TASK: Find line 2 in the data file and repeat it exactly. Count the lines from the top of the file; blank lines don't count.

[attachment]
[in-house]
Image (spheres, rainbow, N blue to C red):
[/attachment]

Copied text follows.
Image (spheres, rainbow, N blue to C red):